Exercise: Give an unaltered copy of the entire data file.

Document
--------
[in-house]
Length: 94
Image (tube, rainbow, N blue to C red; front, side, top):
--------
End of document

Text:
[in-house]
Length: 94
Image (tube, rainbow, N blue to C red; front, side, top):